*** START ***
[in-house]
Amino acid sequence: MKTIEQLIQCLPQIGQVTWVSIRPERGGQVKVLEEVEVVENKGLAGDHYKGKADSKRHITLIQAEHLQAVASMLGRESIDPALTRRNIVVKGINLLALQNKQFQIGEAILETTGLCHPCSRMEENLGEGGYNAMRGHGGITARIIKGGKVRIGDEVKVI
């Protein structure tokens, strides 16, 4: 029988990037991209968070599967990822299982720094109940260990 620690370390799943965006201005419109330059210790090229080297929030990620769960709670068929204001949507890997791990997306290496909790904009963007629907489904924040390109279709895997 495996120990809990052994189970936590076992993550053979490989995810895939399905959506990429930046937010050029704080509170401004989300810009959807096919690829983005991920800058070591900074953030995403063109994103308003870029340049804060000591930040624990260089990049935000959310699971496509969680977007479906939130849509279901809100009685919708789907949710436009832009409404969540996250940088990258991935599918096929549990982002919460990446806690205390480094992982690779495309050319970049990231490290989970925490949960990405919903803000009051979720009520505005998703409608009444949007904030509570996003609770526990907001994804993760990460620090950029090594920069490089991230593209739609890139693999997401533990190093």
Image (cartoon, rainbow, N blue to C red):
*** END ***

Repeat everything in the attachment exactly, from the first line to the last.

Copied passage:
[in-house]
Amino acid sequence: MKTIEQLIQCLPQIGQVTWVSIRPERGGQVKVLEEVEVVENKGLAGDHYKGKADSKRHITLIQAEHLQAVASMLGRESIDPALTRRNIVVKGINLLALQNKQFQIGEAILETTGLCHPCSRMEENLGEGGYNAMRGHGGITARIIKGGKVRIGDEVKVI
């Protein structure tokens, strides 16, 4: 029988990037991209968070599967990822299982720094109940260990 620690370390799943965006201005419109330059210790090229080297929030990620769960709670068929204001949507890997791990997306290496909790904009963007629907489904924040390109279709895997 495996120990809990052994189970936590076992993550053979490989995810895939399905959506990429930046937010050029704080509170401004989300810009959807096919690829983005991920800058070591900074953030995403063109994103308003870029340049804060000591930040624990260089990049935000959310699971496509969680977007479906939130849509279901809100009685919708789907949710436009832009409404969540996250940088990258991935599918096929549990982002919460990446806690205390480094992982690779495309050319970049990231490290989970925490949960990405919903803000009051979720009520505005998703409608009444949007904030509570996003609770526990907001994804993760990460620090950029090594920069490089991230593209739609890139693999997401533990190093």
Image (cartoon, rainbow, N blue to C red):